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E-cigarettes could be just as bad for your heart as regular cigarettes, study finds

Electronic cigarettes, or e-cigs, may be just as bad for the cardiovascular system as traditional cigarettes, according to a study published Wednesday in the Journal of the American Heart Association. Researchers found that both vaping and smoking cigarettes cause a similar amount of damage to arteries and blood vessels. 

In recent years, millions of teenagers and young adults have started vaping regularly. In a press release accompanying the study, co-author Jessica Fetterman said many of these vapers believe e-cigarettes are safer than traditional, combustible cigarettes. 

"Meanwhile, the evidence from scientific studies is growing that e-cigarettes might not be the safer alternative to smoking traditional cigarettes when it comes to heart health," she said. "Our study adds to that evidence." 

The study followed more than 400 men and women aged 21 to 45 who have not been diagnosed with heart disease and are not at risk for heart disease. Researchers found that the 285 people who smoke traditional cigarettes and the 52 people who smoke both traditional and e-cigarettes were more likely to be older than those who don't smoke or only vape. E-cigarette users, researchers found, were more likely to be younger white males.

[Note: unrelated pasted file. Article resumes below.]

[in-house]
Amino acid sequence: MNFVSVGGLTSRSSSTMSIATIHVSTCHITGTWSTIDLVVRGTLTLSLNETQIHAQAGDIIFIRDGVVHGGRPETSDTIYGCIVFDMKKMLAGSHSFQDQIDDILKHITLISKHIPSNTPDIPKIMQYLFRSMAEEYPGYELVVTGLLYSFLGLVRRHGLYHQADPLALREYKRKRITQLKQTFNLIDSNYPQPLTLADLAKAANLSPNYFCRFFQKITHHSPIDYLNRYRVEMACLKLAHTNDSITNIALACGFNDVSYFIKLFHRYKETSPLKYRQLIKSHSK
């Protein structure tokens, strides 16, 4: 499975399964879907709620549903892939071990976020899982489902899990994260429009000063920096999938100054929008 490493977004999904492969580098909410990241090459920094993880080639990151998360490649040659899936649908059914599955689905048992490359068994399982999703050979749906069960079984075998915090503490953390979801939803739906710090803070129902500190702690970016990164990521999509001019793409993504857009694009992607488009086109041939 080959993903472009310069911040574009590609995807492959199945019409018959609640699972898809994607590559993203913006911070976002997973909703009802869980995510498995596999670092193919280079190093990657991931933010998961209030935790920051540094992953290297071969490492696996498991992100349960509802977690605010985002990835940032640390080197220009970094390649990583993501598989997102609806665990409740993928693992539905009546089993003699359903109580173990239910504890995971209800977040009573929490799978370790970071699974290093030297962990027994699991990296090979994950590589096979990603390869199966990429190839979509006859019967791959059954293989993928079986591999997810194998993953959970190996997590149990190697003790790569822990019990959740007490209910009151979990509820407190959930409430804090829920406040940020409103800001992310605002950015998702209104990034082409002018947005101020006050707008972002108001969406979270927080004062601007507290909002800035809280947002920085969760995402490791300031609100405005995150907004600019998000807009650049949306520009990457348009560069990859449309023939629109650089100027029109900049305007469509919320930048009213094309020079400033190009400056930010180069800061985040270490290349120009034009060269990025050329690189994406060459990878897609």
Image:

The researchers discovered that all of those who used e-cigarettes had arteries just as stiff as those who smoke traditional cigarettes. 

"Stiffening of the arteries can cause damage to the small blood vessels, including capillaries, and puts additional stress on the heart, all of which can contribute to the development of heart disease," Fetterman said.

The study also found that e-cigarettes and traditional cigarettes are equally as damaging to endothelial cells, located in the lining of blood vessels. Fetterman said the endothelial cells in e-cigarette users produce less nitric oxide, which protects the heart, and more reactive oxygen species, which damage cells, compared to the endothelial cells of those who don't smoke.

"Our study results suggest there is no evidence that the use of e-cigarettes reduces cardiovascular injury, dysfunction or harm associated with the use of combustible tobacco products," Fetterman said. 

Vaping has also been linked to lung damage, and has been deemed responsible for dozens of deaths

While Fetterman has noted that there needs to be longer-term studies to find out if e-cigarettes alone change vascular damage over time, several studies, lawsuits and health issues linked to e-cigarettes thus far have suggested that there are numerous health risks involved with vaping. 

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